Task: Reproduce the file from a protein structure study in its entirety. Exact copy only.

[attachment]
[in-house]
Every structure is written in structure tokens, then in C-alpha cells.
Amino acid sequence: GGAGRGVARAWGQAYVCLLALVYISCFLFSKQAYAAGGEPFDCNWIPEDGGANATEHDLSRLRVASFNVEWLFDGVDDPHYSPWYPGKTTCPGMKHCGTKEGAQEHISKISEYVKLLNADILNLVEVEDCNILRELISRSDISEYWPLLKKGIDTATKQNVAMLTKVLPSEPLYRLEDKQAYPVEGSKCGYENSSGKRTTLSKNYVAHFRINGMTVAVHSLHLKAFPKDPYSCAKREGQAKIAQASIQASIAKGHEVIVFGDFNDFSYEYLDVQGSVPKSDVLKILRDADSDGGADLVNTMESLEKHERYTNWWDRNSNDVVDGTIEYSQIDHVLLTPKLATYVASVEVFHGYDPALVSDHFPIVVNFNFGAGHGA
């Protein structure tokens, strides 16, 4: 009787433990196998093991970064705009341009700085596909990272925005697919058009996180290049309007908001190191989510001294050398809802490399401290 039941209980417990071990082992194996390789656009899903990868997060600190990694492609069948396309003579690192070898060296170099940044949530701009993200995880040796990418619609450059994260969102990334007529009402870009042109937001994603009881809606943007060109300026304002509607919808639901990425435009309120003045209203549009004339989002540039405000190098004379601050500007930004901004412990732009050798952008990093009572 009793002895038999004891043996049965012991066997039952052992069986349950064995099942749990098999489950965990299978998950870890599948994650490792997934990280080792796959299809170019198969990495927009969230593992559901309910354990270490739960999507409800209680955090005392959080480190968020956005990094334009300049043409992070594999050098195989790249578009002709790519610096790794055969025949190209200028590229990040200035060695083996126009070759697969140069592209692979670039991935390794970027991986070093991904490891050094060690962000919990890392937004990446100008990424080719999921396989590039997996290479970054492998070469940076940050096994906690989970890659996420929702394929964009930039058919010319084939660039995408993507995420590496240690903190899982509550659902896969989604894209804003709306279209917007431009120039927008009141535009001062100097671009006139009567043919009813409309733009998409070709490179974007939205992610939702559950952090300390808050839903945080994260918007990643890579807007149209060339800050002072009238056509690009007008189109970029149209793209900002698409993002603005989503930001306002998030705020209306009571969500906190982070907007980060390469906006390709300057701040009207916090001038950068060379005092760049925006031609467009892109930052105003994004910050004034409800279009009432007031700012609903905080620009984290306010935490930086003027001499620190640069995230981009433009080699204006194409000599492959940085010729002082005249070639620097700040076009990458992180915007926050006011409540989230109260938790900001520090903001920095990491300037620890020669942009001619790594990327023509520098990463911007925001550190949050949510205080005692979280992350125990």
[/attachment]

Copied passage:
[in-house]
Every structure is written in structure tokens, then in C-alpha cells.
Amino acid sequence: GGAGRGVARAWGQAYVCLLALVYISCFLFSKQAYAAGGEPFDCNWIPEDGGANATEHDLSRLRVASFNVEWLFDGVDDPHYSPWYPGKTTCPGMKHCGTKEGAQEHISKISEYVKLLNADILNLVEVEDCNILRELISRSDISEYWPLLKKGIDTATKQNVAMLTKVLPSEPLYRLEDKQAYPVEGSKCGYENSSGKRTTLSKNYVAHFRINGMTVAVHSLHLKAFPKDPYSCAKREGQAKIAQASIQASIAKGHEVIVFGDFNDFSYEYLDVQGSVPKSDVLKILRDADSDGGADLVNTMESLEKHERYTNWWDRNSNDVVDGTIEYSQIDHVLLTPKLATYVASVEVFHGYDPALVSDHFPIVVNFNFGAGHGA
């Protein structure tokens, strides 16, 4: 009787433990196998093991970064705009341009700085596909990272925005697919058009996180290049309007908001190191989510001294050398809802490399401290 039941209980417990071990082992194996390789656009899903990868997060600190990694492609069948396309003579690192070898060296170099940044949530701009993200995880040796990418619609450059994260969102990334007529009402870009042109937001994603009881809606943007060109300026304002509607919808639901990425435009309120003045209203549009004339989002540039405000190098004379601050500007930004901004412990732009050798952008990093009572 009793002895038999004891043996049965012991066997039952052992069986349950064995099942749990098999489950965990299978998950870890599948994650490792997934990280080792796959299809170019198969990495927009969230593992559901309910354990270490739960999507409800209680955090005392959080480190968020956005990094334009300049043409992070594999050098195989790249578009002709790519610096790794055969025949190209200028590229990040200035060695083996126009070759697969140069592209692979670039991935390794970027991986070093991904490891050094060690962000919990890392937004990446100008990424080719999921396989590039997996290479970054492998070469940076940050096994906690989970890659996420929702394929964009930039058919010319084939660039995408993507995420590496240690903190899982509550659902896969989604894209804003709306279209917007431009120039927008009141535009001062100097671009006139009567043919009813409309733009998409070709490179974007939205992610939702559950952090300390808050839903945080994260918007990643890579807007149209060339800050002072009238056509690009007008189109970029149209793209900002698409993002603005989503930001306002998030705020209306009571969500906190982070907007980060390469906006390709300057701040009207916090001038950068060379005092760049925006031609467009892109930052105003994004910050004034409800279009009432007031700012609903905080620009984290306010935490930086003027001499620190640069995230981009433009080699204006194409000599492959940085010729002082005249070639620097700040076009990458992180915007926050006011409540989230109260938790900001520090903001920095990491300037620890020669942009001619790594990327023509520098990463911007925001550190949050949510205080005692979280992350125990």